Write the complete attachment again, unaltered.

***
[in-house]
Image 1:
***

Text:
[in-house]
Image 1: